DTI to bring ‘Kakao Konek’ to Iloilo to boost cacao industry
The campaign to grow cacao in Panay Island is going fast-paced, even as the Department of Trade and Industry (DTI) here is now gearing to host the “Kakao Konek” that will allow marketing and technology matching October this year.
Engineer Diosdado Cadena, DTI Iloilo director and at the same time regional cacao industry cluster coordinator for Western Visayas, on Monday said that it was agreed that Iloilo will host the Cacao Congress for the Visayas regions during their planning this month.
He said that this will put to test whether or not stakeholders in the region are really committed in promoting the industry.
“This will open them a marketing opportunity,” he said.
Cadena said that he hoped to gather the support of the Iloilo provincial government, which is very strong in advocating for cacao, the Panay Organic Producers Association (POPA), Regional Cacao Council and the Department of Agriculture (DA) in hosting the Visayas-wide congress.
Meanwhile, he disclosed that the Regional Cacao Council is now in the process of validating the plan at the regional level to harmonize with that of the provincial. A provincial council is now in place in four provinces of Panay.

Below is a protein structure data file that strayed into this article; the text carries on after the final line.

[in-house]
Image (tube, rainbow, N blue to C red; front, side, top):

During the validation they would also determine projects that will be implemented in every stage of the value-chain starting from inputs to the marketing aspect to strengthen the industry.
“The data would show that there is a market, especially the international market, but the problem is the input,” he said.
Philippines is one of the few countries where cacao can grow because it only thrives in equatorial countries, he explained. However, the production in Western Visayas is still very limited.
He added that the country is expected to produce around 100,000 metric tons of cacaos for processing in 2020. The region is expected to contribute around one to three metric tons.
Nonetheless, he added that there are several issues that have to be resolved to further improve the cacao industry in the region.
These include among others the identification of areas where the commodity will thrive, sourcing of planting materials and the survival rate.
In an earlier interview, Relvin B. Paragua, Focal Person for Coffee and Cacao of DA in Western Visayas revealed that this year, they have 500,278 grafted seedlings that are available for free to interested farmers.
Cadena and Paragua, however, shared that they have to embark on data banking to determine the number of farmers who are into cacao growing.
Paragua said that Western Visayas is now producing almost two tons based on their field validation.
Cadena said that probably they could start by determining the coverage of their cacao council members. (PNA)